Nolan greeted each guest and relished the new sets of hands rubbing his head and patting his rump.  On lazy days Joe propped the door open with a rock and left a sign posted at the entryway which stated “The attic is upstairs to the right!  There’s lemonade in the fridge!”
            Joe spent more time in the attic looking at Millie’s things.  He dreamed of her more each night and during his daily baseball game naps.  Sometimes, when he thought about her enough, it was as if she was in the house with him, perhaps just in the other room.  Thinking about her brought her to life in a way, and made the time they had together seem more real.  With the renewed celebration of the life they’d had came a potent longing and his bed felt emptier each night.  Nolan dutifully occupied the space where Millie had slept and Joe woke most mornings to find his arm draped across his dog’s midsection, inspired by a dream in which Millie was still alive and laying beside him.
            Such was life for Joe that summer.  As time passed he ceased to question the obvious and resigned himself to the belief that people entered his house and disappeared inside his attic leaving behind not a trace.  It didn’t make sense to him but he also didn’t see any harm in it.  One morning at the end of August a guest appeared at his door that Joe recognized.  Randall had played tight end on the high school football team while Joe was a running back.  They had been acquaintances, friendly but not friends.
            “Randall?” Joe asked to the man who stood amid a crowd of six other people on the porch.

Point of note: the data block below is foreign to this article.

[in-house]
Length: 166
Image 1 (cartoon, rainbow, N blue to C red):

Randall was the tallest among them and even carried a bit of his high school bulk on his body.  He looked younger somehow, not as stooped as he’d been when Joe last saw him.  He met eyes with Joe and in the first instant there was a flash of acknowledgement.
            “Randall is that…” Joe began.
            Joe remembered, then, reading the name Randall White in the obituary of the local newspaper and not making the connection to his classmate.  From that moment on things began to make sense to Joe, but in a way that left him torn between sympathy and apprehension.  He answered every knock he heard, without regard to the hour, and welcomed every visitor into his house.
            In September he loaded Nolan and a duffle bag up into the truck and drove to San Marcos, where the kids were getting together for his oldest, Teddy’s, birthday.  Teddy was turning sixty, a number that made Joe feel infinitely older.  Joe was able to immerse himself in the experience, his mind straying to the reality of what waited at home only occasionally. 
            On the drive back a flare of pain erupted in his chest that drained the strength from his left arm.  He pulled to the side of the road and the pain subsided somewhat, though he found it impossible to clench his left hand into a fist.  Had Millie been around the pair would have driven straight to the hospital.  Since she was not Joe decided to wash down a few aspirin with a beer and hope for the best.